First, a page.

I hear it often from clients: “Is there anything you can do to stop the complaining and venting that consumes so much energy at the team meetings?” “Can’t people just move on?”

I totally understand the frustration leaders have with their team in times of change. As a coach, I also know that folks have to go through this ‘whining’ phase to be able to work through it. Substitute the word ‘whining’ (which is judgmental), with the word ‘grief’, or ‘sadness’, or ‘anxiety’, or ‘fear’, or ‘resentment’. They’re experiencing one, or a combination of, these emotions as a result of a disruptive change to their professional or personal life, especially when initiated by somebody else. In the end, each human has her/his own particular way of moving through life, and any disruption of that flow, represents a loss, one that will be challenged.

What I’ve also come to appreciate is that most humans have a strong need to ‘talk it out’ with someone, as part of their recovery process.

Yes, some people do the rumination inside and retreat into a solitary shell. Those are the ones we should be most concerned about. This withdrawal may be a cry for help and a signal that their mental health is in jeopardy.

All too often, however, we’re fixated on the ones that do their venting loudly and frequently. These folks are branded as ‘Resistors’, ‘Difficult’ or even ‘Trouble Makers’. But are they really? What if they were simply working through their pain? What if ignoring their questions and challenges turned them into the very Resistors we go to great lengths to avoid?

All We Need Is P.A.T.I.E.N.C.E

Patience may be the biggest virtue a leader needs to develop in times of change and transformation; that and big ears, to listen to the broken records of loss and fear.

Let me spell out the ways in which I’ve learned (and am still learning), to have patience with myself and others, to help in recovery from loss:

  • P for patience with the process. All the literature on change underlines the very predictable phases of human transition. Complaining, objecting, crying out and crying period are definitely part of it. Let’s patiently accept this.
  • A for attention. Ignoring the expression of loss won’t make it go away. ‘There goes Cynthia or Stuart on their ‘woe are me’ rant again (eye roll), let’s pretend we’re not hearing or let’s ask them to move on”. This tactic is guaranteed to alienate Cynthia and Stuart, and everyone within earshot. Focus your attention on them instead of running away.
  • T is for timing. Holding a team building session to focus on the bright future when most are still in mourning, is a recipe for disaster. Timing is everything.  Acknowledge the pain first.
  • I is for individual response. No one size fits all. Every individual will react differently, even when faced with the same change. A leader will need to focus on each member of his or her team.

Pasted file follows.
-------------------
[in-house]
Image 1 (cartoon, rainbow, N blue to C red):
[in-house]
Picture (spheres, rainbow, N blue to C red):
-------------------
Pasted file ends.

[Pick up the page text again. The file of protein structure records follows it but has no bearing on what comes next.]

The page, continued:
• E is for expression. Folks need to ‘talk it out’, vent, and grumble to work through their feelings. A leader will want to provide opportunities for followers to do so, and, when the timing is right, help move the yardstick: Given this situation (acknowledge), what do we want instead (gentle nod to the future possibilities)?
  • N is for Nearness. One reflex when faced with criticism and negativity may be to isolate yourself as a leader or distance yourself from the weeping masses. If you are more certain of the future, more confident in the team’s ability to move forward, you need, on the contrary, to be very near and present. Your energy will ooze out of your pores and have a positive impact. Hang in there!
  • C is for Confidence that this too, shall pass. It’s a phase, not a state. Most of us come out the other side. We get fed up with being in Pity City and start to move naturally towards the light. It’s in our nature as the resilient creatures that we are. Be confident that your team is on the right track.
  • E is for end. Patience does have an end. When you’ve done everything you can to facilitate this process and support individuals moving through the loss; when you have a critical mass of folks ready to take on the challenge of the New, then it’s time to end the ending and welcome the new beginning.

Here is to Patience, with self and others!

2 thoughts on “Patience is Still a Necessary Virtue”

  1. Great piece and thanks so much for sharing! As change is a constant in today’s workplace this is a great reminder on how to manage through that process effectively and in a manner that addresses the requirement for interpersonal skills in order to be successful. Much appreciated!

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